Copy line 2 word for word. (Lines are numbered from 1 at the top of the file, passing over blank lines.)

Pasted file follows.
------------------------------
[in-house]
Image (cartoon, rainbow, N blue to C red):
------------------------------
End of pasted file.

Image (cartoon, rainbow, N blue to C red):